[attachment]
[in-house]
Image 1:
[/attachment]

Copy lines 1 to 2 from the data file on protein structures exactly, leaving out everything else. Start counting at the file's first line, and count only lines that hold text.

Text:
[in-house]
Image 1: